For the next three weeks Jonida (Yo-need-ah) will step out from behind the scenes and stand alone on the stage to tell a story, one she calls “Harabel.” The word means sparrow, a small thing, often forgotten, nearly invisible. It is the story of a girlhood in one of the most isolated and authoritarian countries in the world, of an adolescence in a region torn by violence, of a journey to adulthood in a strange new country.

It is the story of becoming an American, becoming an artist, becoming visible. It is the story of her life.

Beginnings

Jonida was born in Albania under one of the strictest communist regimes in history. The capital Tirana where she lived is only about 150 miles across the Adriatic Sea from the coast of Italy — the ancient cradle of Western civilization, the modern European democracy — but it might as well have been worlds away. Even as a child she understood that the Albanian government controlled what came in, which was very little, and what got out, which was even less.

Although naturally talkative and outgoing, Jonida learned a sense of guardedness from her father, Atdhe, a mechanical engineer, who was labeled a silent dissident by the government.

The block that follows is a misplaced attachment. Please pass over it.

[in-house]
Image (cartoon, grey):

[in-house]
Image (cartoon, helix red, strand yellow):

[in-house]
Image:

“There were always people who were opposed to the regime, and my father was such a man,” Jonida says. “He was not allowed to go to college because he had poor political standing. But he was very talented at what he did, so he was pressured to perform.”

Atdhe taught his children — Jonida and her younger brother Rubin — to think critically, to not believe everything the government said and to parse their words carefully. And he planted the idea that freedom was obtainable in the United States.

“He had this ideal of America as a place where people are free to do what they want,” she says. “I was exposed to the notion of this great country, the idea of freedom and democracy…”

Jonida and her brother slept in the living room of their family’s tiny one-bedroom apartment in a crowded five-story concrete building in a row of others just like it. Her father was a clever tinkerer. The sturdy little bunk bed he built for his children was the envy of the apartment block. He secretly extended the family’s TV antenna to get news from beyond Albania’s borders. Though she understood little of it, Jonida loved to watch Disney cartoons and “Saved by the Bell” dubbed in Italian, transmissions, it seemed, from another world.

One of Jonida’s favorite activities was to visit her librarian mother, Dallandyshe, at work. When no one was looking, she would slip into a little windowless back room where books banned by the government were kept. There she would read forbidden texts: Jack London, Franz Kafka, Albert Camus, Sigmund Freud and Carl Jung.

“A lot of American literature was forbidden,” she says. “Some of them, it’s ridiculous in retrospect. Why the genius of Theodore Dreiser would be forbidden? Like Jack London, it captures the spirit of entrepreneurialism, you could achieve something by yourself.”